So how do logo contest sites, and super-low priced Internet logo-mills, with their teams of global design professionals come up with these amazingly cheep, too good to be true logos and estimates? Well lets be frank, they either borrow someone else's idea and art or sell you pre-made stock clip art. That wouldn't be much of a logo by any standards. Try owning or registering it for a trademark. A great logo takes time. It's not only a form of business art, it will represent your company or brand for years to come.
So what should a logo cost? Is it a weekend side hustle or a thriving global business? Are you offering something as trade for a lower rate? A logo is priced on the need, exposure, uses, copyright terms, time lines, and your budget. A local restaurant: $3000+. A small startup $6000+. An established national brand $15,000+. It's up you and the value you expect from artists work. Most importantly, have a budget based on your business financial capabilities and long term strategy before you go shopping.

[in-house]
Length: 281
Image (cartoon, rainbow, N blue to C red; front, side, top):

Options are endless and the best work comes from the best people. Never the cheapest. I implore business professionals and logo buyers to do their homework. Hire a professional designer or branding agency. Visit their office or have them visit you. I ask fellow designers to be professional, fair, confident, honest and have self respect.
Today the Internet is ripe with logo and web design shysters. Check references. Star ratings and industry awards on a website are usually the first sign of thick layers of B.S. ahead. Don't take costly shortcuts to save a dime. Your value and your designer/artist's time are worth a lot more then Fiver, Upwork, Deluxe and all the other graphic design logo mills and sweat shops are selling you for.